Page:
The sister of Lindsay Sandiford, the British grandmother sentenced to death by firing squad in Bali last week, fears that she cannot be saved from execution because of her inability to fund a lawyer.
Hilary Parsons has spent the last pennies of her savings to try and find Sandiford a lawyer to challenge her death sentence for drug smuggling, but cannot afford even the expenses of an Indonesian lawyer who she says has agreed to act for free.
Parsons spoke of her "terror" at the realisation that she alone must try and navigate the Indonesian appeals process, with no funds to pay legal representatives. “I can’t imagine what we will do if we miss the opportunity to save Lindsay’s life," she said in an interview published by Reprieve, the legal rights charity supporting Sandiford.
Hilary Parsons with her sister Lindsay Sandiford
"Because Lindsay is unrepresented it is has fallen to me to try to work out what is going on and when documents need to be filed – this is a terrifying position to be in.
"I don’t speak Indonesian and have no way to find out how the Indonesian criminal justice system works.
“When I arrived in Bali in early October I managed to find an Indonesian Lawyer, Esra Karokaro who would represent Lindsay at trial for £5000. Other lawyers we approached had asked for upwards of $30,000.
"Although Esra appeared to be an honest lawyer who would do his best for Lindsay, he did not speak much English and had never handled a case carrying the death penalty.
"Esra has done his best throughout the case but it is clear that Lindsay desperately needs the help of an experienced capital defence lawyer. A lawyer has offered to act for free but I have spent all of my savings and do not have the money to pay his costs."
Sandiford, 56, from Teeside, was arrested on £1.7m drugs charges in Bali.Prosecution lawyers asked for her to serve a 15-year sentence, but a panel of judges, headed by Amser Simanjuntak, concluded that Sandiford had damaged the image of Bali as a tourism destination and weakened the government's programme of drug annihilation.
Lindsay Sandiford arrives at a courthouse in Denpasar, Bali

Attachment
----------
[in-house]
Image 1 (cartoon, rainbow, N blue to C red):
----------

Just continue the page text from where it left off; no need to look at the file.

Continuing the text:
Reprieve recently announced that it had filed an application for a judicial review through solicitors Leigh Day & Co, charging the UK Foreign Office overs its alleged failure to support Sandiford's appeal.
Sandiford has just two weeks to file the appeal. She has already filed an intention to appeal with the district court.
Parsons said: “A lawyer has offered to represent Lindsay pro bono if the British Government are able to cover his costs. He is our only choice.
"If we were properly funded we could hire the very best lawyer. I know nothing about this lawyer and can only hope and pray that he is the right person for the very difficult job.
“I am so scared that we will lose the chance to appeal. A lawyer should have started work on the case a week ago and every day that goes by is a day that Lindsay loses for preparing her appeal.
"We have nowhere else to turn. We desperately need the help of the British Foreign Office to ensure that Lindsay has a lawyer. “
Separately, the Jakarta Post, Indonesia's largest English-language newspaper, has published an editorial in the wake of the Sandiford case, calling for the abolition of the death penalty in Indonesia.
It said: "This new death sentence should serve as the impetus for the complete abolition of the death penalty in Indonesia.
"More than two-thirds of the countries in the world have abolished the death penalty. The year 2013 should be the time for Indonesia to follow suit.
One of the reasons given by the paper for abolition is the fact that the US still retains capital punishment. "We should also abolish the death penalty so that we are no longer compared to other death penalty retainers, like the US, whose criminal justice systems are notoriously problematic and rife with errors," the paper said.
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